The item was approved unanimously – with an opportunity for the county to exit the agreement later If desired.
Letter from landfill ‘kind of an insult,’ says Choudhry
Independent testing was first proposed May 20 by County Commissioner Peggy Choudhry. It was one of three proposals made by Choudhry, who has said she no longer supports her April 1 vote cast alongside two other elected officials. That vote amended a previous contract with Waste Connections and now allows the company to import coal ash from out of state. It gave Waste Connections a green light to dump unlimited amounts of the material from Puerto Rico between now and the end of the year.
The item was added to the agenda less than two hours before the April 1 meeting, with no public comment or discussion from commissioners prior to approval.
Public backlash over the deal erupted in May following media reports. In response, County Commission Chairwoman Cheryl Grieb sent a letter to Waste Connections requesting them to stop shipments immediately. The company replied a week later stating shipments will continue but pushed the deadline from Dec. 31 to Oct. 1.
However, the landfill contract has not changed to reflect the Oct. 1 date.
Choudhry said Waste Connections’ May 22 letter “wasn’t good enough,” and called it “kind of an insult.”
“I thought they would be better partners,” she said. “I think they can do more.”
She called for the county to send a more forceful letter demanding shipments stop immediately.
The motion was seconded by Grieb, who disclosed she has met with Waste Connections privately and asked them to stop.
“There’s a lot more moving pieces than even I realized,” Grieb said, adding that other contractual obligations bar Waste Connections from stopping shipments.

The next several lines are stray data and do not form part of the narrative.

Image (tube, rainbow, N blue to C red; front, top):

Commissioner Fred Hawkins Jr., who abstained from the April 1 vote because his family receives royalty payments from the landfill, suggested FDEP come to a meeting and address residents’ concerns.
“That’s the letter I would recommend you send,” he said.
The board voted to send another letter to Waste Connections asking the company to stop.
Many residents left unsatisfied
Boos and grumbles from the audience interrupted commissioners’ comments at Monday’s meeting.
Some saw the gestures as too little too late to correct a perceived lack of transparency.
“We do not have faith in you, and we’re looking to you to give us an answer, that next concrete step,” said Kissimmee resident Debra Gardner.
Holopaw resident Mikala Wells said she still worries about what possible contamination could mean for her family’s drinking water and the health of her children.
She called for local leaders to terminate the contract with Waste Connections, no matter the cost.
“We all know any contract can be cancelled,” she said. “There may be consequences. But those consequences you are not willing to face.”
She also asked why four non-profits who normally receive money from Waste Connections were cut out of the coal ash contract, a potential loss of upwards of $100,000 to groups benefiting education and nearby communities.